By Brooke M. Faught, MSN, WHNP-BC, IF
Approximately 43% of women report symptoms of sexual dysfunction.1 Few other health conditions have such a high prevalence. Although FDA-approved treatment is available for women experiencing dyspareunia related to vulvovaginal atrophy (VVA), no medication has been approved by the FDA to treat female sexual dysfunction (FSD)—that is, problems related to libido, arousal, and orgasm in women. Nevertheless, these complaints are relevant to nurse practitioners providing healthcare to women and are important to address.
Masters and Johnson2 are hailed as the pioneers of sexual research dating back to 1957. Their four-stage model of human sexual response comprised excitement, plateau, orgasm, and resolution; according to Masters and Johnson, these four stages proceed in a linear fashion. In 1997, Whipple and Brash-McGreer3 introduced the circular model of female sexual response, which comprised four stages: seduction (encompassing desire), sensations (excitement and plateau), surrender (orgasm), and reflection (resolution). The circular model showed how pleasure and satisfaction during one sexual experience could lead to the seduction phase of the next sexual experience. In 2001, Basson4 published a revised sexual response model specific to women that incorporated the importance of emotional intimacy, sexual stimuli, and relationship satisfaction. Unlike Masters and Johnson, whose linear model of sexual response applied to both genders, Basson introduced a nonlinear model, which acknowledged that female sexual functioning proceeds in a more complex and circuitous manner than male sexual functioning. These models are summarized in an Association of Reproductive Health Professionals clinical fact sheet on female sexual response.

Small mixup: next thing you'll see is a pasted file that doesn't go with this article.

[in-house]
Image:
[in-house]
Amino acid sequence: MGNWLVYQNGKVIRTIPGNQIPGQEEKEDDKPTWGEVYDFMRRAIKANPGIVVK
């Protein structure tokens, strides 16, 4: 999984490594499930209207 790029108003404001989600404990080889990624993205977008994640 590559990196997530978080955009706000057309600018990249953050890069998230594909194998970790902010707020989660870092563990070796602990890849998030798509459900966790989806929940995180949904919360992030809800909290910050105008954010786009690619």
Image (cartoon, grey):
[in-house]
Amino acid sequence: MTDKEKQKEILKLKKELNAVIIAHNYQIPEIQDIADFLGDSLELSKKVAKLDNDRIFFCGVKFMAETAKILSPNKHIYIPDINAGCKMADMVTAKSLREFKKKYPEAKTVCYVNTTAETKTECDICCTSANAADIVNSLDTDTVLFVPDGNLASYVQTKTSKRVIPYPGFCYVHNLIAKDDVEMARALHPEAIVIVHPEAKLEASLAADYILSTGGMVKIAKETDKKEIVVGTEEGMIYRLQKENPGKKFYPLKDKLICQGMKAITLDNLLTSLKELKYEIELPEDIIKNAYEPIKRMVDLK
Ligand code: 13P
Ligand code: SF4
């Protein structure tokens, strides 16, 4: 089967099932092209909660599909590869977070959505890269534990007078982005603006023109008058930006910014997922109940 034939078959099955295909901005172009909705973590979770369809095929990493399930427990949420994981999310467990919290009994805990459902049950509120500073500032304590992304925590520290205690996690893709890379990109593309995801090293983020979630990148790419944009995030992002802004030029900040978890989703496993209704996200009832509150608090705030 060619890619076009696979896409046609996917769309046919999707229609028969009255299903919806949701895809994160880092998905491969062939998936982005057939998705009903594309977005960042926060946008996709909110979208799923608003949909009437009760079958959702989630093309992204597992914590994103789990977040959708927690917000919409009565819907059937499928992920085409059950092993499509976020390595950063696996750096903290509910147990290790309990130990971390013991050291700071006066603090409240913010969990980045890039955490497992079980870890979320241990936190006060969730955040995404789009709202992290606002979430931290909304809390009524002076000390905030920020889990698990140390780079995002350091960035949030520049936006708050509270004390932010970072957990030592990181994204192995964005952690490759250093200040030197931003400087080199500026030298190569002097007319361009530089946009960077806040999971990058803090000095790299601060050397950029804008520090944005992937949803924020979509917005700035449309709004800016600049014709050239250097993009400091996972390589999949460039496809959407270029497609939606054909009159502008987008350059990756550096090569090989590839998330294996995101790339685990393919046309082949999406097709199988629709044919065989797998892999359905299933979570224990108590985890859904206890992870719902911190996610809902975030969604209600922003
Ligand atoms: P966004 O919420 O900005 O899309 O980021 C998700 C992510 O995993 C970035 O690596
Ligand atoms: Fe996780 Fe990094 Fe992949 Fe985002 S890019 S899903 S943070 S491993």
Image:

In 1998, amidst all the research about human sexual function, sildenafil (Viagra) was introduced as a pharmacologic intervention for erectile dysfunction, revolutionizing the concept of a human sexual problem as being amenable to pharmacotherapy. At that point, research in the realm of female sexuality was limited; most sexual health studies enrolled only males, with results extrapolated to the female population.
In the 15 years that have elapsed since the approval of sildenafil and medications like it, no treatment has been approved by the FDA for FSD other than Eros Therapy, a clitoral suction device that was discontinued due to the cost and the minimal consumer response. The circular and nonlinear models for female sexual response demonstrate why not: Because of the circular pathway and the inclusion of emotional components, it is nearly impossible to create a “magic pill” that addresses all the potential causes of FSD. In order to appropriately identify, diagnose, and manage patients with FSD, a holistic approach must be utilized and adapted to each individual woman.
One of the main reasons for healthcare practitioner (HCP) failure to address women’s FSD complaints is the lack of time. One way to expedite such a discussion is to utilize screening tools that patients can fill out prior to their scheduled appointment. The Female Sexual Function Index is composed of 6 categories of questions related to desire, arousal, lubrication, orgasm, satisfaction and pain.5 This index identifies the exact complaint(s) and quantifies the severity of the symptom(s). The Female Sexual Distress Scale – Revised (FSDS-R) determines whether the problem is distressing to the patient through a series of 13 specific questions.6 To diagnose a patient with FSD, she must have symptoms that cause interpersonal distress. The FSDS-R not only identifies distress but also supports a potential diagnosis.
Another limitation to HCP management of FSD is a lack of sexual health training. According to Haboubi and Lincoln,7 90% of HCPs agree that addressing sexual concerns should be included in a holistic care plan, although 86% were found to be unprepared to deal with these problems and 94% were unlikely to initiate a relevant discussion with patients. Many professional organizations can help prepare HCPs, including NPs, to better address and treat FSD (Online resources).